Throughout the ages, the magical island of Rhodes has entranced visitors, many of whom have returned and remained.
In modern Rhodes, one can still find reflections and echoes of past cultures and eras, from ancient Greek to Roman, Byzantine, Venetian, Crusader, Ottoman and Italian. Rhodes is now very much a part of modern Europe, but tradition and custom are honoured and observed. Rhodes has always been multicultural!
78 kilometres long and 38 kilometres wide at its broadest point, Rhodes has 220 kilometres of coastline to explore.
The island offers a surprising variety of landscape and scenery, from rocky coves to golden sandy beaches, lushly forested hills, hidden valleys, austere mountain peaks and flower-strewn meadows.
Olives, melons, citrus fruits, vegetables, wheat, figs, almonds, grapes, wine, and honey are amongst its many agricultural products .There are two noted wineries and a handful of small family wine-makers on the island. Picturesque villages, each with its own distinct character and traditions, provide a sometimes startling contrast to the popular seaside resorts and bustling towns
Rhodes Town itself is a place of contrasts, a fascinating combination of history, culture and commerce. Located on the northern tip of the island, on both the Mediterranean and Aegean coasts, Rhodes Town has always been a hub of travel, trade and shipping in the Mediterranean. As a regional capital of Greece, chief of the Dodecanese chain of islands, Rhode has played a pivotal role in the history of the Eastern Mediterranean, as reflected by its UNESCO World Heritage City status.
Rhodes Old Town, a dazzling maze of museums, art galleries, churches, mosques, shops, restaurants, cafes and clubs, is under continuous excavation, reconstruction and renovation. Rhodes’ many layers of history and surprising ethnic variety can be observed just by strolling through the twisting cobbled streets: ancient Greek warriors and traders, the medieval Europe of the Knights of St. John, the mysteries of the Ottoman Empire, Jews who fled the Inquisition to become the merchants and craftsmen of Rhodes, the Italy of Mussolini, all are still here in the fabric and spirit of the Old Town.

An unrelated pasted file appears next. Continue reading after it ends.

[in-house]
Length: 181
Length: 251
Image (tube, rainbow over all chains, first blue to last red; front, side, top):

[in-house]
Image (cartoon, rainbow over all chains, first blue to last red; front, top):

Rhodes New Town is a lively year-round business, maritime and shopping centre. The New Town, famous for its hotels, high street and designer shops, restaurants, bars and clubs, is bordered by historic Mandraki Harbour, the site where the ancient Colossus of Rhodes is traditionally thought to have stood. Doe and stag statues, the symbol of Rhodes, mark the harbour entrance, along with the St. Nicholas Lighthouse, battle-scarred survivor of the struggles between the Knights and the Turks. Turkey itself is usually clearly visible from both east and west sides of Rhodes Town. The New Town is the home of the Casino and Aquarium, both located at the very northern tip of Rhodes in colonial Italian art deco buildings; the modern art museum is just round the corner. Both the Old and New sections of Rhodes Town have been shaped and styled by the impressive history of this very engaging town.
With a population of about 120,000, boosted by seasonal visitors, workers, and residents, the island of Rhodes never feels crowded. Even during the busy high summer months one can find virtually deserted beaches and cozy traditional tavernas simply by venturing onto slightly less travelled roads. Holiday Rhodes is famous for its beach life, water sport facilities, Waterpark and myriad sightseeing opportunities by day and for its sparkling variety of nightlife after dark.